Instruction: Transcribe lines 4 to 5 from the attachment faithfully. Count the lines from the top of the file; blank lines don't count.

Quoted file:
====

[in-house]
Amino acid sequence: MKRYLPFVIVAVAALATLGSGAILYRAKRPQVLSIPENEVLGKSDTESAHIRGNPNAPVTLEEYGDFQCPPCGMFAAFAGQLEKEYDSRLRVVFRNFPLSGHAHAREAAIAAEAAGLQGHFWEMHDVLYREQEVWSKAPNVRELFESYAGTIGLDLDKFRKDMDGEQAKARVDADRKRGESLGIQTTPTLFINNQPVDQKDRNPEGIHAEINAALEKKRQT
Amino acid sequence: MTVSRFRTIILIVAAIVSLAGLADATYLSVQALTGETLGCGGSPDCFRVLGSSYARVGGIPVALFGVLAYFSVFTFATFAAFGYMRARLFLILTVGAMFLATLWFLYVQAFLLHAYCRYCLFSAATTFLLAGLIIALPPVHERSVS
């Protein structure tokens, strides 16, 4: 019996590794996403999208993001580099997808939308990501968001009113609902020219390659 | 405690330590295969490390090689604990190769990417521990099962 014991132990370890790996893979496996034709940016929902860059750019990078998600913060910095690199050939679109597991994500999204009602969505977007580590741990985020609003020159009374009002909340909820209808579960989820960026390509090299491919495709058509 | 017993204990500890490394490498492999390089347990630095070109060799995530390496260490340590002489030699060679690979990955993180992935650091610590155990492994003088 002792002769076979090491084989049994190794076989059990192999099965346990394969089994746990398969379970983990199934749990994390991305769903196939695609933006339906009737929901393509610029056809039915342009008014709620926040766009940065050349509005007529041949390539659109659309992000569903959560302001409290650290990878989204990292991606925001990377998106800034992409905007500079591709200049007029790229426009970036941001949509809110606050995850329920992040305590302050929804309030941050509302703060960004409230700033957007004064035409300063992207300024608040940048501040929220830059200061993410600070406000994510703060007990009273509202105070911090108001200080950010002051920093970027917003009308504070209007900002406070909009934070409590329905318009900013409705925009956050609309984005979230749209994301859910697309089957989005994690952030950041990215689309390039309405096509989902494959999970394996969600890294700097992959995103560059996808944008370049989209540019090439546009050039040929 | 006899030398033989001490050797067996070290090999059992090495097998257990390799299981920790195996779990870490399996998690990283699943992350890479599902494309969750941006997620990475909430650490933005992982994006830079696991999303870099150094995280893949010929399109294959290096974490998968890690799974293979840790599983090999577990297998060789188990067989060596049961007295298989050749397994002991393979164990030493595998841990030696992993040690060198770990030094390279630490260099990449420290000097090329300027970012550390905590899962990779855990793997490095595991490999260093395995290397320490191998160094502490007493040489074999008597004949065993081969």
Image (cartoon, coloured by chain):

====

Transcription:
């Protein structure tokens, strides 16, 4: 019996590794996403999208993001580099997808939308990501968001009113609902020219390659 | 405690330590295969490390090689604990190769990417521990099962 014991132990370890790996893979496996034709940016929902860059750019990078998600913060910095690199050939679109597991994500999204009602969505977007580590741990985020609003020159009374009002909340909820209808579960989820960026390509090299491919495709058509 | 017993204990500890490394490498492999390089347990630095070109060799995530390496260490340590002489030699060679690979990955993180992935650091610590155990492994003088 002792002769076979090491084989049994190794076989059990192999099965346990394969089994746990398969379970983990199934749990994390991305769903196939695609933006339906009737929901393509610029056809039915342009008014709620926040766009940065050349509005007529041949390539659109659309992000569903959560302001409290650290990878989204990292991606925001990377998106800034992409905007500079591709200049007029790229426009970036941001949509809110606050995850329920992040305590302050929804309030941050509302703060960004409230700033957007004064035409300063992207300024608040940048501040929220830059200061993410600070406000994510703060007990009273509202105070911090108001200080950010002051920093970027917003009308504070209007900002406070909009934070409590329905318009900013409705925009956050609309984005979230749209994301859910697309089957989005994690952030950041990215689309390039309405096509989902494959999970394996969600890294700097992959995103560059996808944008370049989209540019090439546009050039040929 | 006899030398033989001490050797067996070290090999059992090495097998257990390799299981920790195996779990870490399996998690990283699943992350890479599902494309969750941006997620990475909430650490933005992982994006830079696991999303870099150094995280893949010929399109294959290096974490998968890690799974293979840790599983090999577990297998060789188990067989060596049961007295298989050749397994002991393979164990030493595998841990030696992993040690060198770990030094390279630490260099990449420290000097090329300027970012550390905590899962990779855990793997490095595991490999260093395995290397320490191998160094502490007493040489074999008597004949065993081969």
Image (cartoon, coloured by chain):